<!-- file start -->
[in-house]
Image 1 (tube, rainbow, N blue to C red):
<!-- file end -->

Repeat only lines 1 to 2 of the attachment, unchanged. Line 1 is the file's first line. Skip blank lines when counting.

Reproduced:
[in-house]
Image 1 (tube, rainbow, N blue to C red):